You think it is just a house. An ordinary house with trees. Bushes. Clouds. But wait. There is an undeniable vibration. A quivering. For Sheila Blake, “strangeness permeates the reality.” This is a “different kind of consciousness.” A consciousness that emanates from the flat surface. From the paint itself.
Sheila walks in her Tacoma Park neighborhood and the sights become visions that consort with her memories of growing up—of being alive. Houses change and shake off the ordinary. They grow and turn colors and take different shapes.
She begins with charcoal drawings, then pastels, and then goes back to the studio for the big paintings and “endless revisions.” “For years until each painting is a visual poem. It’s a mysterious process that can unfold over time.”
Take “Bolinas.” It moves. Glowing clouds dance with the grand trees while the golden bush in front does the rumba. The demure house peeks over the fence. “Angel” stretches to new heights behind a truncated tree to look with apprehension at the planted signs…especially the red one. With “Peggy in the Clouds,” the red-trimmed house sits quietly while life explodes around it and spirits reach for the heavens.
Sheila attended Cooper Union Art School in New York and taught art at Duke. She taught painting and drawing at the Corcoran College of Art and Design, where she “developed a curriculum that weaves color theory and composition into the practice of painting.”
Sheila Blake has a radio show: Art as Experience on WOWD LP FM. She and her radio partner talk about art and ideas arising from museum exhibits, movies, articles, books and life itself.
Sheila Blake believes in Art. “Give it as much as you can,” she says. And she does. See more of her work at: sheilablake.com. She is featured in a one-woman show at the Foundry Gallery in May.
Jim Magner’s Thoughts on Art
Sheila Blake’s houses are painted with the precision of imagination. Insignificant matters are charged with meaning and are elevated to “strangeness,” a state of wonderment.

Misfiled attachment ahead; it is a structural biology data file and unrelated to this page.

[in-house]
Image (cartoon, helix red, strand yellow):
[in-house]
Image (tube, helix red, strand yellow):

Each work is a creation of color value and composition and the whole range of traditional art elements to achieve final denotation, the appearance of reality, but it has built-in connotations as well—all sorts of meanings and inferences.
That’s what real art is. There is an art to it. All of the 230 or so artists I have profiled for this column have put their hearts and souls, and skills and dedication, into their work. So do the thousands of other artists in the area.
Sheila Blake’s large neighborhood paintings can take years of exploring. They are not just homes full of people, but the very idea of a home. She sees all the living and non-living things that contribute to the neighborhood. And paints. It is a mysterious, magical process.
If she sells a wonderful painting like “Bolinas” or “Angel,” how much will she get for it? I don’t know but it will not be $69.4 million. That’s how much a “digital collage” by a guy who calls himself Beeple sold for at Christie’s. It is a “digital-only” artwork with a “non-fungible token (NFT) as a guarantee of its authenticity.”
It is proclaimed that we are beginning the next chapter in art history…digital art. Well, it may be something new in the billionaire game called the Art Market, but it has nothing to do with art—this is about AFTs. The CEO of Twitter released a one-line tweet with an NFT and it sold for $2.5 million. So much for art.
Sorry, Sheila and all of you genuine artists. Just create a digital simile of anything with an NFT and you can toss your paints away…along with your heart and soul.
At the Galleries
At the Old Naval Hospital
“The Hill Center Spotlight Series” begins with Ellen Cornett. There is no better artist to begin anything with, especially this “Once Upon a Time” virtual exhibition. Wow. Ellen draws visual questions. They emerge from the familiar—fairy tales, old novels, poems… They are mystical and magical, with a story within a story within a story.
Ellen says, “I build unsettling scenes that gain energy from unresolved endings. In uncanny depictions of humans and animals, absurd possibilities lurk behind everyday moments. People and animals wear masks, discover supernatural powers, and interact in ways that may delight viewers or upend expectations.”
It is only online through April 30, so hurry, Ellen’s work sells out in a flash.
2008 – 8th St., N.W.
April 2 — 25
Katherine Blakeslee paints pensive, insightful watercolor landscapes and seascapes. They reflect a “lifelong fascination with the sea and that sometimes invisible, but ever magical line between sky and sea.” She grew up in Maryland and loves how water, land and sky interact, “sometimes playfully and sometimes not.” She lets the transparency and translucence of the watercolor medium capture the moods of the land and sea and explore the interaction of accident and intent.
Multiple Exposures Gallery
Torpedo Factory Art Center
105 N. Union St. #312
This is a big all-member show. Each artist exhibits two signature pieces. All pieces are for sale. www.multipleexposuresgallery.com
On a personal note: I am launching a new historical fiction novel, The Dead Man on the Corner. The date is May 2, at the Literary Hill Bookfest, which will be virtual this year. For more information: www.literaryhillbookfest.org See my ad in this month’s publication.